Eastbourne Town 5 Eastbourne United Association 0 (26th December 2018)
Traditionally Boxing Day was always football’s “derby day”, when local rivals would play each other for local bragging rights, and crowds would swell way above normal. In the professional game the idea is now dead, on police advice, but in non-league it lives on, making it one of the more rewarding days out, and some of those derbies can attract far more than people would expect.
One such derby, well off the radar for most, is the Eastbourne derby. Not only does it take place in the Southern Combination league, a full five divisions away from the football league, but it doesn’t even feature the main club from the town, with Eastbourne Borough playing three divisions above.
I’d actually fancied going to Town’s ground “The Saffrons” for a while. It’s reasonable for the level, but the backdrop of the grand Victorian town hall and other buildings gave it a touch more character than most would have in this division, and the derby would give it a crowd much higher.
Boosted by two people from nowhere near Eastbourne, 856 people made their way to this match, in a division where crowds are normally measured in two figures. Even allowing for Town being the best supported team in the division, averaging 223 before this game, the crowd was nearly four times their average.
Town even have their own band of “ultras”, banging drums, singing away, and bringing their own bit of atmosphere to the world of county league level football. Some such groups divide opinion among fans, but they seemed an amiable bunch here, just having fun singing away about Eastbourne being wonderful for being full of old people and seagulls, among other things.
Not so joyful were the Eastbourne United fans, of which a fair few had made ‘gruelling’ two mile trip from their ground “the Oval” (which is no longer an oval) on the other side of the town centre. United’s first win of the season had come just five days earlier, defeating Little Common (who currently also play at the Oval in a groundshare agreement) 2-0, boosting their points tally to a rather modest five points from seventeen games.
Given their troubled season, the detail that they’d they lost all eight away games so far, and that they’d lost the corresponding fixture last season 1-8, confidence probably wasn’t high in the United camp.
On the other hand, maybe that first win was the boost they needed. They certainly didn’t look like hopeless whipping boys when the game started. Maybe it was local pride, but while Town were clearly the better team, United were competitive and still in the game for most of the first half. They even had the odd breakaway chance of their own, and did come close to taking a shock lead once or twice.
However, despite valiant defending, it did have the look of a game where the home side, in their yellow and navy blue, could take the game by the scruff of the neck if they only got that first goal. As it turned out, United scored it for them, with a shot across the box put into the roof of the net by a United defender. As the Town players congratulated each other, he sat in the six yard box with a “why me?” expression.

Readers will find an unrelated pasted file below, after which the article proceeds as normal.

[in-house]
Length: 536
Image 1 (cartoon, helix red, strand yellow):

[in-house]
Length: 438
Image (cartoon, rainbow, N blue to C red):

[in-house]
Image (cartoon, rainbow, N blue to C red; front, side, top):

If that was a poor goal to concede, they couldn’t do much about Town’s second two minutes later. A shot from the edge of the box was struck with power, and even though United’s keeper go a hand to it, possibly two, it wasn’t enough to keep it out. 2-0, and probably already game over.
Within 6 minutes the “probably” could be wiped out. Finding space at will down the right, Town cut into the box, and with a fine bit of individual skill, Town’s Brad Pitchard drew the keeper, stepped round him to the left, then calmly tucked the ball past the defenders on the line for 3-0.
From 0-0 at 28 minutes, it was 3-0 at 36, and it could have been worse. Town were going for the kill. Two further shots from wide flashed across goal, and the United keeper, who had a good game despite the scoreline, turned another shot over the bar.
Another burst of United pride was punctured by a fourth Town goal just 10 minutes into the second half, and five minutes after that – after another Town shot had hit the angle of post and crossbar earlier – it was five. This time another ball was hit across the box, and the determination of one defender caused enough of a contact to see the ball spinning into the net. The Town players looked on with grins, seemingly unable to believe the good fortune, in what was turning out to be a very enjoyable day for them.
With half an hour left, another eight like last year didn’t seem out of the question, but Town picked this moment to ease off, and United chose to up their work rate to avoid another humiliation. Despite this, it was Town who came close to adding another goal, with an attacker taking the ball round the keeper and scoring, before seeing this sixth goal ruled out for offside.
The final whistle ended a very enjoyable lunchtime clash for the hosts (and neutrals) but not one that United fans will remember too fondly. “Why do we always lose on Boxing Day?” asked a small United-supporting child, who can’t have had too many United-related thrills in his short life. There was no answer. His father clearly didn’t have it in him to bang the drum for United at that moment. With local pride definitely with Town, and the ultras singing away, finding someone to bang the drum for them – both literal and metaphorical – wasn’t going to be a problem.